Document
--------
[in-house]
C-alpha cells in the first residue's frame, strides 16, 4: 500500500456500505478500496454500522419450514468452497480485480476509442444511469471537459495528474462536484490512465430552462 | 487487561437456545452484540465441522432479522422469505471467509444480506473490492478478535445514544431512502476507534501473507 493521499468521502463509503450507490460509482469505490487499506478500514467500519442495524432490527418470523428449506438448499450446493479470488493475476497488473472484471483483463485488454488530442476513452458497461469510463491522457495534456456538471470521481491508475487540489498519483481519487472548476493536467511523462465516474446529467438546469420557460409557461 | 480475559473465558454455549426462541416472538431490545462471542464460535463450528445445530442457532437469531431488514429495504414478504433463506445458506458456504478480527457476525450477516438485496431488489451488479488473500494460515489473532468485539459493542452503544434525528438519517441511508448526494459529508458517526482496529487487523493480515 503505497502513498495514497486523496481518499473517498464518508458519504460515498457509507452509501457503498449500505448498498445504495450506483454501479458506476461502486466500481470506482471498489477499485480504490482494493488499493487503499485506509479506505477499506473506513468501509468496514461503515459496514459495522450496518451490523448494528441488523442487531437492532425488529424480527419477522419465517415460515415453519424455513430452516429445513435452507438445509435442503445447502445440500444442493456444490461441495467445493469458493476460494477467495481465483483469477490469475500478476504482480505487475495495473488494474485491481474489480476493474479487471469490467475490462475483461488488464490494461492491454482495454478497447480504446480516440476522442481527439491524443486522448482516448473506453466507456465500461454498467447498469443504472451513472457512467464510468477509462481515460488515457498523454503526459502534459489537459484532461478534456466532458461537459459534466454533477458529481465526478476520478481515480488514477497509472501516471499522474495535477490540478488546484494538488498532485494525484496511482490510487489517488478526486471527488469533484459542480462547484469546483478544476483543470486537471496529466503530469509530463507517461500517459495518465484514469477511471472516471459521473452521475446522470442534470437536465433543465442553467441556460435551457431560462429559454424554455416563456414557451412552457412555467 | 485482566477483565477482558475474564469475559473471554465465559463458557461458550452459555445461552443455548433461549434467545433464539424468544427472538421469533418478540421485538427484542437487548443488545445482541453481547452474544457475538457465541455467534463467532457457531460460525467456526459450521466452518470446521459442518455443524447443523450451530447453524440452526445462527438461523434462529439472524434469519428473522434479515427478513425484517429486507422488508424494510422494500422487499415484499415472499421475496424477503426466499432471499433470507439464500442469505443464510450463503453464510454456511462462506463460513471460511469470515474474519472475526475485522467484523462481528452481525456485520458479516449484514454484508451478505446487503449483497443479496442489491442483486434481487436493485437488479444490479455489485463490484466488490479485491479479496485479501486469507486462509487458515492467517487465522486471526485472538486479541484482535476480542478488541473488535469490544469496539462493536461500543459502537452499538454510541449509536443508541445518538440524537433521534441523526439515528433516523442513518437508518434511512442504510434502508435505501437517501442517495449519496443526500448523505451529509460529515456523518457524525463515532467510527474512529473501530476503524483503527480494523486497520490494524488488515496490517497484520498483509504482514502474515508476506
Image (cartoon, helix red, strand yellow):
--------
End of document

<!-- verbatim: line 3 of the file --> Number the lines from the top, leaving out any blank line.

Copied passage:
Image (cartoon, helix red, strand yellow):